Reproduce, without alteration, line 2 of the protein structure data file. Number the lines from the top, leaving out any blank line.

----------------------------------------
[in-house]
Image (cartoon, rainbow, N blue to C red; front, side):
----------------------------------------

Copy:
Image (cartoon, rainbow, N blue to C red; front, side):